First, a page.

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Book Reviews   |    
One Nation Under Therapy: How the Helping Culture Is Eroding Self-Reliance
Reviewed by Victoria R. Winbush, M.P.H., L.I.C.S.W.
Psychiatric Services 2006; doi: 10.1176/appi.ps.57.1.150
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by Christina Hoff Sommers and Sally Satel, M.D.; New York, St. Martin's Press, 2005, 310 pages, $23.95

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One Nation Under Therapy: How the Helping Culture Is Eroding Self-Reliance is the creation of Christina Hoff Sommers and Sally Satel, M.D. The previous works of these authors include The War Against Boys and Who Stole Feminism? (Sommers) and PC, M.D.: How Political Correctness Is Corrupting Medicine (Satel). Although these titles are suggestive of the political perspective that frames the thesis of this newest work, the fact that both authors are resident scholars at the American Enterprise Institute, a conservative think tank, leaves little room for ambiguity.

This book's title immediately begins to position the reader toward a particular vantage point. Are we truly "one nation," adhering to a "common" culture that frames how each of us, regardless of gender, race, class, or religion, lives our life? Perhaps witnessing the devastation caused by Hurricane Katrina on the poorest segment of our population inspires us to carefully consider a realistic rather than the too often simplistic and idealized answer to this question.

The phrase "under therapy" further suggests that all Americans, knowingly or unknowingly, are being made dependent on, or are obsessed with, some form of therapy. The authors' term for this dominating phenomenon is "therapism." Never mind that this is not a recognized term but, rather, one that was crafted by the authors; they make liberal use of it throughout the book. Although it is never explicitly defined in its own right, therapism is used as code for everything the authors believe is misguided and overbearing about therapy as a helping process. Therapism, according to the authors, is a doctrine that, among other things, assumes that Americans are "a diffident, anguished, and emotionally apprehensive public [that] requires a vast array of self-esteem educators, grief counselors, workshoppers, healers, and traumatologists to lead it through the trials of everyday life."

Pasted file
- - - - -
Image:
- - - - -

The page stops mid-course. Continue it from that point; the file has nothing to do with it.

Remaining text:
Reflection on the life circumstances of Katrina's most vulnerable victims brought into focus the fact that not all Americans have the necessary resources or the privilege that accompanies the development of a dependency relationship on one or more professional helpers and the theories they espouse. This leads to the question of whether the absence of this segment of the population from the author's picture of "the reality of American life" is just an oversight or is reflective of a politically conservative stance that disregards the presence and the needs of citizens who are, for the most part, socially and economically invisible.

Sommers and Satel have attempted, starting with the book's title, to lead the reader down a positivistic path citing evidence (80 pages of footnoted references for 220 pages of written text) and reaching what they believe is the only "right" conclusion about therapy and its "true" impact on the American way of life. Their ultimate goal is to convince you, the reader, that therapism has truly infected the quality of your life and has left you vulnerable—a truly un-American state of being. The only remaining question is, "What are you going to do about it?"

Ms. Winbush is president of VRW Consulting in Cleveland, Ohio.




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